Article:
Humanistic School of Psychotherapy

Humanistic School of Psychotherapy

The humanistic school of psychotherapy is also known as the person-centered approach. Humanism is basically, “a system of thought that centers on humans and their values, capacities, and worth,” (Day, 2008, p. 206).

There is an emphasis on the positive side of human life. Human nature is seen as good. In other words, we as humans strive for the best in life and that we are thrive off of things that are good for us. It is a very positive outlook on ourselves and life. The focus is the self and positivity.

It is theorized that, “psychological problems come into being at the contact boundary between the person and the world,” (Task Force, 2004, p. 18). In addition to that, “persons are irreducible to the sum of their parts . . . overall, we focus on the whole person who is choosing, setting goals, pursuing meaning, establishing and living in relationships, and creating” (Task Force, 2004, p. 15).

Adler was a huge influence on the humanistic school of psychotherapy. According to Lemberger, “there are some generally inclusive Adler and Humanistic Psychotherapy 127 themes across the myriad humanistic psychological theories, and in a similar way there are certainly some clear Adlerian influences even across this variety,” (Lemberger, 2017, p.127).

Rogers is also an important contributor to the humanistic school of psychotherapy and one of the founding fathers for it.

 

About Carl Rogers

Carl Rogers’, “contributions encouraged the use of the successful principles of a client-centered therapy in a variety of settings, such as group therapy, family relationships, and teaching and learning environments,” (Day, 2008, p. 207).

Throughout his life he developed four phases of the person-centered psychotherapy. Nondirective counseling was the first phase during the 1940s.

He renamed his approach the client-centered therapy in the 1950s.

During the 1970s the third period was about becoming a person. Finally, “the fourth phase, during the 1980s and the 1990s, was marked by considerable expansion to education, industry, groups, conflict resolution, and the search for world peace,” (Corey, 2005, p. 165). This became known as the person-centered approach.

 

The Therapeutic process in Humanistic Psychotherapy

This therapeutic process is person-centered and is an experiential process as well. A sense of trust is developed by the therapist in that the client will learn how to become constructive if positivity continues.

The attitude of the therapist towards the client is seen as more important than specific knowledge or theories. Directive therapy is avoided.

One is not supposed to view the client in a diagnostic sense. In fact, “the therapist must be willing to be real in the relationship with clients,” and, “by being congruent, accepting, and empathic, the therapist is a catalyst for change,” (Corey, 2005, p. 169).

As therapy continues the client learns how to look deep within at his or herself in order to discover new or previously hidden thoughts and feelings. As the hidden aspects of the person come to the surface, the individual is able to face those negative thoughts with the therapist.

During this therapist to client relationship it is imperative that the client does not feel judged and can freely and openly discuss things.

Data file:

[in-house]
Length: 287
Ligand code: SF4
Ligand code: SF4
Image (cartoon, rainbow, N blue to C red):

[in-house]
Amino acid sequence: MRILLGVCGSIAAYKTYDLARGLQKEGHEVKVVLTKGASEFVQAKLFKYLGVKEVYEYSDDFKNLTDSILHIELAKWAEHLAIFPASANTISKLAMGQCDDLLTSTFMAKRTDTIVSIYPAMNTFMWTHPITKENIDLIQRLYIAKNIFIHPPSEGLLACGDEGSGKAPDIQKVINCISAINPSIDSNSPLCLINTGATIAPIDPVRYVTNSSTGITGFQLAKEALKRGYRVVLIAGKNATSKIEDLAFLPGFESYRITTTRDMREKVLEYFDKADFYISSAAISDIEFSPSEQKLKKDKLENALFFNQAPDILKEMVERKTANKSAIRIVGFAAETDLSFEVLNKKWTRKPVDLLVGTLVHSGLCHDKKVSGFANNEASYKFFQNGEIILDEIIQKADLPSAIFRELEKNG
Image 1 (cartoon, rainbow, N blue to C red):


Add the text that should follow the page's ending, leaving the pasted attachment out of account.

After the release of such information of negativity or problems from the past, the focus can then more so move on to the positive and the best potential for oneself.

Techniques of Humanistic Psychotherapy

The main techniques are non directive, self-disclosure, and play therapy which works great with children. It is common to incorporate parents and teachers as well.

There are several other uses for humanistic psychotherapy such as in turning points in life, individualized education planning, or for social activism.

It has helped the world of psychology and the general population come to understand the importance of empathy. Empathy is a fundamental basis for all forms of counseling, therapy, psychiatry, psychology, social work, etc.

This school of psychotherapy has proven that. Empathy should be a basic component for all human beings really.

Research has shown, “that therapist empathy is the most potent predictor of client progress in therapy,” (Corey, 2005, p. 183). In addition to that, it, “is an essential component of successful therapy in every therapeutic modality,” and, “no study shows a negative relationship between empathy and outcome,” (Corey, 2005, p. 183).

Finally, “successful outcomes across different modalities are characterized by a high proportion of therapist statements expressing understanding, attentive listening, and receptive openness to the client’s perspective,” (Corey, 2005, p.183).

Critique of Humanistic Psychotherapy

Humanistic psychotherapy critics argue that it focuses almost entirely on the positive and doesn’t pose too many challenges for the client.

In other words, the therapist is not challenging the client very much. It can also be difficult for the therapist to allow the therapist to find their own way. Bluntly put, “a real possibility is that person-centered therapy will be reduced to a bland, safe, and ineffectual approach,” (Corey, 2005, p. 185).

 

learn more

http://nayaclinics.com/major-schools-of-psychotherapy-part-1/

http://nayaclinics.com/major-schools-of-psychotherapy-part-2/

http://nayaclinics.com/cognitive-behavioral-therapy/

 

 

About the Author

The author Sam Nabil is a top rated Marriage Counselor, Psychotherapist, and Life Coach.

He is the founder of  Sam Nabil Counseling Services : Therapy & Life Coaching as well as the sister company Naya Clinics

Sam has innovated his own unique approach of therapy Positive Existential Psychotherapy (P.E.T.)TM.

 

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By | 2018-04-29T01:42:56+00:00 April 22nd, 2018|Part 1, Psychotherapy|0 Comments